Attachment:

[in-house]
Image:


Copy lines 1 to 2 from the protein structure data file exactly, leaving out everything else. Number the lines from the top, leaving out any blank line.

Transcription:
[in-house]
Image: